Since the owner and group arguments to chown and
chgrp may be specified as names or numeric IDs, there is an
What if a user or group name is a string of digits?
Should the command interpret it as a user name or as an ID?
POSIX requires that chown and chgrp
first attempt to resolve the specified string as a name, and
only once that fails, then try to interpret it as an ID.
This is troublesome when you want to specify a numeric ID, say 42,
and it must work even in a pathological situation where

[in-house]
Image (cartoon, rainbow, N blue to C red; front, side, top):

‘42’ is a user name that maps to some other user ID, say 1000.
chown 42 F, will set Fs owner ID to
1000—not what you intended.
GNU chown and chgrp provide a way to work around this, that at the same time may result in a significant performance improvement by eliminating a database look-up. Simply precede each numeric user ID and/or group ID with a ‘+’, in order to force its interpretation as an integer:
chown +42 F chgrp +$numeric_group_id another-file chown +0:+0 /
GNU chown and chgrp skip the name look-up process for each ‘+’-prefixed string, because a string containing ‘+’ is never a valid user or group name. This syntax is accepted on most common Unix systems, but not on Solaris 10.
 Using a number as a user name is common in some environments.